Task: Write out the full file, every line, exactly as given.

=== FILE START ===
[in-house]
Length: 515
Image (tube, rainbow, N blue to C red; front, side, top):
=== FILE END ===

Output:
[in-house]
Length: 515
Image (tube, rainbow, N blue to C red; front, side, top):